“Rendezvous with destiny” was a phrase used by Franklin Delano Roosevelt in 1936 when he accepted the Democratic nomination to run again for the presidency.
Origin of “Rendezvous with Destiny”
FDR gave a rousing speech at the Democratic National Convention; it culminated in a call to Americans to stand together against tyranny.
The speech concluded:
This generation of Americans has a rendezvous with destiny.
In this world of our in other lands, there are some people, who, in times past, have lived and fought for freedom, and seem to have grown too weary to carry on the fight.
They have sold their heritage of freedom for the illusion of a living. They have yielded their democracy.
I believe in my heart that only our success can stir their ancient hope. They begin to know that here in America we are waging a great and successful war.
It is not alone a war against want and destitution and economic demoralization. It is more than that; it is a war for the survival of democracy.
We are fighting to save a great and precious form of government for ourselves and for the world.
I accept the commission you have tendered me. I join with you. I am enlisted for the duration of the war.
Decades later, Ronald Reagan gave his own speech about a rendezvous with destiny.
Reagan made the speech, known as A Time for Choosing, in support of Barry Goldwater, who was running for president in 1964.
Reagan referred to the speech simply as “the speech;” his read it on TV as part of a program called Rendezvous with Destiny.
Although Goldwater lost badly, the speech may have launched Reagan’s political career, helping him to run for governor of California and eventually for the presidency.
The speech explained why Reagan had switched from the Democratic party and what his political views were; Reagan spoke about the importance of small government and explained why he saw the particular moment as so pivotal.
The speech concluded:
You and I have a rendezvous with destiny.
We’ll preserve for our children this, the last best hope of man on earth, or we’ll sentence them to take the last step into a thousand years of darkness.
We will keep in mind and remember that Barry Goldwater has faith in us. He has faith that you and I have the ability and the dignity and the right to make our own decisions and determine our own destiny.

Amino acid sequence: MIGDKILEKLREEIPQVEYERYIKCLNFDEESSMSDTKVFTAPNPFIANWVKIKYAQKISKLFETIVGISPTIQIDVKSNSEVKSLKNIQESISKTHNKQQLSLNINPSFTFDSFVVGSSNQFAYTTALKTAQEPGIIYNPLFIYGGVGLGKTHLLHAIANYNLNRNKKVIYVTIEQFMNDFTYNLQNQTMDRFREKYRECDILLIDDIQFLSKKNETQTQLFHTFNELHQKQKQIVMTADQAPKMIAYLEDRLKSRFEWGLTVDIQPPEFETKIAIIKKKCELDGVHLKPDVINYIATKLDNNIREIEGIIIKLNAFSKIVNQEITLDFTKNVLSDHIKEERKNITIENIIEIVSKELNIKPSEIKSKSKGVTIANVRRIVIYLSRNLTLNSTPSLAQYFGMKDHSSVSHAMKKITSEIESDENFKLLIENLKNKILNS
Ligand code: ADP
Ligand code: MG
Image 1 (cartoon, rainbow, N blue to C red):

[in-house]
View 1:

Today, the phrase “rendezvous with destiny” is used whenever a political leader faces a particularly tough challenge or a defining moment.
The Nation, for example, wrote that the New Cold War was President Obama’s rendezvous with destiny.
Similarly, President Trump’s meeting with his Israeli counterpart was referred to as their rendezvous with destiny.
The phrase has been used so often that some people are even granted a second rendezvous with destiny.
That, at least, is what happened to Hillary Clinton, when she ran for president the second time.
As one writer put it: “Hillary Clinton began her second ‘rendezvous with destiny’ with a promise to make new policies designed to benefit the middle class if she is elected America’s first woman president.”
Use of “Rendezvous with Destiny” in a sentence
- The phrase “rendezvous with destiny” has been invoked by political leaders to convey a sense of purpose and the need for decisive action in critical moments, such as during times of war or societal transformation.
- Candidates running for public office often use the idea of a rendezvous with destiny to inspire voters, invoking a sense of national purpose and urging citizens to embrace a shared vision for a better future.
Taegan Goddard is the creator of the Political Dictionary.
Goddard spent more than a decade on Wall Street as managing director and chief operating officer of a prominent investment firm in New York City. Previously, he also served as a policy adviser to a U.S. Senator and Governor.
Goddard is also co-author of You Won – Now What?: How Americans Can Make Democracy Work from City Hall to the White House, a political management book hailed by prominent journalists and politicians from both parties.
His essays on politics and public policy have appeared in dozens of newspapers and magazines across the country.
Goddard earned degrees from Vassar College and Harvard University.
He lives in New York with his wife and three sons.